Rape: Vice Principal gets life jail for raping pupil

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An Ekiti State High Court wasn’t shy on Thursday when it sentenced a former Vice Principal to life imprisonment for raping a 12-year-old student of his former school.

The convict, Taiwo Ajayi, was the VP of St. Mary’s Girls Grammar School, Ikole-Ekiti, Ekiti state.

National Daily gathered that Ajayi lured the girl, whose name was not disclosed into his office, and locked the door from behind before raping her.

To prevent people from hearing, he blocked the girl’s mouth with a cloth after he laid him on the table.

It was learnt that while committing the act, one of the teachers knocked at the door but the VP refused to open the door but instead threatened to deal with the pupil if she told anybody.

As a result of oral confession and other overwhelming evidences, the court found Ajayi guilty of raping a minor contrary to Section 31(2) of the Child Rights Law of Ekiti State 2012.

It was learnt that the convict was the Vice Principal (Academics) at the time he committed the offence on March 18, 2014.

Giving evidence, two teachers were said to have stormed the victim’s office and knocked severally but the convict refused to open compelling them force their way in after about 30 minutes only to discover that the Vice Principal was having carnal knowledge of the girl.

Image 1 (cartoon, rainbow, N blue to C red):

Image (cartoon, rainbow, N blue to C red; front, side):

Justice Monisola Abodunde held that the prosecution had proved the case beyond every reasonable doubt on the strength of evidence placed before the court.

The prosecution was led by Mr. A.E. Arogundade of the Ministry of Justice while the defence was led by Mr. Sule Longe.

National Daily gathered that the convict was first arraigned in court on October 14, 2016 and he pleaded not guilty to the charge.

In delivering the judgment, Justice Abodunde was said to have rejected the convict’s counsel’s plea for leniency on grounds that his client was first offender, father and breadwinner of an aged mother.

Justice Abodunde held: “The cases of child dfilement has been on the increase lately and to serve as a deterrent to others, my view is that the punishment stipulated by the lawmakers was deliberate to deter the offence and protect the right to dignity of the child.

“I am unable to deviate from the provisions of the law in this instant. The defendant is found guilty as charged and sentenced to life imprisonment.”

The prosecution called eight witnesses including a medical practitioner from the State University Teaching Hospital, police officers who investigated the case, two other pupils and a teacher in the school.

Exhibits tendered include a medical report, statement of the accused, report of the panels set up by the school authorities and Teaching Service Commission, medical report from the police clinic, statement of the victim, among others.

The two panels set up to investigate the matter indicted Ajayi which led to his suspension from service after which he was arrested and arraigned to face the charge.



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